Pennsylvania Environmental Groups Testify On Cryptomining in Pennsylvania During State Public Hearing
Bitcoin mining alone consumes as much energy as 80% of states in the U.S.; State lawmakers have a responsibility to regulate the energy-intensive cryptomining industry
HARRISBURG, PA (05/02/2023) (readMedia)-- On Monday, Earthjustice, PennFuture, and the Sierra Club Pennsylvania Chapter all testified before the Pennsylvania House of Representatives Committee on Environmental Resources and Energy on cryptomining, local pollution, and climate change. The environmental groups raised concerns about the industry's reliance on fossil-fuels and its environmental impact on air quality, and shared potential legislative solutions for Pennsylvania lawmakers to consider. In just a few years, the cryptomining industry has exploded across the United States - often turning to fossil-fuel combustion for its energy source. Pennsylvania is now home to many fossil-fueled mining facilities powering cryptomining operations, threatening the Commonwealth's air quality and public health.
Participants of the hearing included Charles McPhedran, senior attorney in Earthjustice's Clean Energy Program (written testimony attached), Rob Altenburg of PennFuture (written testimony attached), Tom Schuster of the Sierra Club Pennsylvania Chapter (written testimony attached), New York State Assemblymember Anna Kelles, and Greg Beard of Stronghold Digital Mining.
With the exception of Greg Beard, panelists focused on the environmental consequences of burning waste coal and fracked gas to power cryptomining in Pennsylvania. Cryptomining data centers require massive amounts of electricity in order to operate, and burning waste coal to generate electricity is one of the worst possible choices for the climate and for local air pollution. Since July 2021, Stronghold Digital Mining Inc. has operated two waste-coal-fired power plants in Pennsylvania – Scrubgrass in Venango County and Panther Creek in Carbon County. Despite Greg Beard's attempts to downplay the environmental consequences of burning coal waste, harmful local air pollutants nitrogen oxide and sulfur dioxide tripled in emissions from Panther Creek from 2021 to 2022.
"We have worked hard to make progress on clean air in Pennsylvania over the decades," said Charles McPhedran, Senior Attorney in Earthjustice's Clean Energy Program. "We can't let proof-of-work crypto mining based on fossil fuels take us back."
"Bitcoin miners claim they are making money, but someone else is paying the price. Whether it's public health and environmental damage, or higher prices for electricity, the real cost of Bitcoin mining will be felt by all of us," said Rob Altenburg, Director, PennFuture Energy Center.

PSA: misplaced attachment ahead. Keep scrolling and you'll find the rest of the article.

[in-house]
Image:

"Thankfully, we do not need to invent ways to throw away energy from coal refuse power plants in order to clean up abandoned mine lands," said Tom Schuster, of the Sierra Club Pennsylvania Chapter. "We now have $3 billion for this purpose flowing to Pennsylvania over the next 15 years thanks to the Bipartisan Infrastructure Law," said Tom Schuster, Director of the Sierra Club Pennsylvania Chapter.
Because the cryptomining industry currently operates in a black box with little oversight, the hearing also focused on legislative and regulatory solutions. One solution includes removing state subsidies for burning waste coal - subsidies that proof-of-work cryptomining plants rely on heavily to make profits. Greg Beard of Stronghold said himself during the hearing, "waste coal reclamation without the subsidies would not happen." Charles McPhedran of Earthjustice noted Pennsylvania's Alternative Energy Portfolio Standard which currently subsidizes waste coal by treating it as a "Tier 2 alternative energy source", and in turn subsidizes crypto-mining that relies on dirty waste coal generation. Additionally, lawmakers can remove the Coal Refuse Energy and Reclamation Tax Credit, which gives an owner of a waste coal generation plant a tax credit of $4 per ton of waste coal used for combustion.
In addition to weakening subsidies, environmental groups cited the need for more rigorous enforcement from the Pennsylvania DEP. For example, Diversified Production, a large company that relies on fracked gas for cryptomining, is currently operating in Pennsylvania with 20 outstanding environmental violations.
For more information on proof-of-work cryptomining in Pennsylvania, please find an informational one pager linked here. For additional information, please find Earthjustice and Sierra Club's guidebook on this topic here.
In its recent report, the Intergovernmental Panel on Climate Change (IPCC) warned that global warming will reach dangerous levels if we don't drastically reduce our dependence on fossil fuels much faster than we are. But after China banned proof-of-work cryptomining (the process Bitcoin uses) in 2021, citing, among other things, the environmental threats that mining poses to meeting emissions reduction goals, the U.S. is now hosting many energy-intensive proof-of-work cryptomining operations, including Pennsylvania. While these facilities of automated machines create few new jobs, they threaten local air, local water, and local quiet, as well as the climate, in addition to impacts on small businesses, local economies, and residents.
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